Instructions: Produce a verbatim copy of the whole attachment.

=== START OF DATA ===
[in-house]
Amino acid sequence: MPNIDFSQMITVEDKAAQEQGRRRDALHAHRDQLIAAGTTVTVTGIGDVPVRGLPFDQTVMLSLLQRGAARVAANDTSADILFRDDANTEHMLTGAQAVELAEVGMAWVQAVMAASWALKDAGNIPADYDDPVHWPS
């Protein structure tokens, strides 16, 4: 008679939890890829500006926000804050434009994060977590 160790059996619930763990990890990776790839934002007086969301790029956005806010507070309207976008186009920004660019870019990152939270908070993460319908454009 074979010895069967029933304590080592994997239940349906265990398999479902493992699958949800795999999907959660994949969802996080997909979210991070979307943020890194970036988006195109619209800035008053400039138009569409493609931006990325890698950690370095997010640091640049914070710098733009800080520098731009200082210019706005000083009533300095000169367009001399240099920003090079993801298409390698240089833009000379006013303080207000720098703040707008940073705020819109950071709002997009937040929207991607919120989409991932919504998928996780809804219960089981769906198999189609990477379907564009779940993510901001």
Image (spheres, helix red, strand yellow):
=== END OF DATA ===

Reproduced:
[in-house]
Amino acid sequence: MPNIDFSQMITVEDKAAQEQGRRRDALHAHRDQLIAAGTTVTVTGIGDVPVRGLPFDQTVMLSLLQRGAARVAANDTSADILFRDDANTEHMLTGAQAVELAEVGMAWVQAVMAASWALKDAGNIPADYDDPVHWPS
């Protein structure tokens, strides 16, 4: 008679939890890829500006926000804050434009994060977590 160790059996619930763990990890990776790839934002007086969301790029956005806010507070309207976008186009920004660019870019990152939270908070993460319908454009 074979010895069967029933304590080592994997239940349906265990398999479902493992699958949800795999999907959660994949969802996080997909979210991070979307943020890194970036988006195109619209800035008053400039138009569409493609931006990325890698950690370095997010640091640049914070710098733009800080520098731009200082210019706005000083009533300095000169367009001399240099920003090079993801298409390698240089833009000379006013303080207000720098703040707008940073705020819109950071709002997009937040929207991607919120989409991932919504998928996780809804219960089981769906198999189609990477379907564009779940993510901001």
Image (spheres, helix red, strand yellow):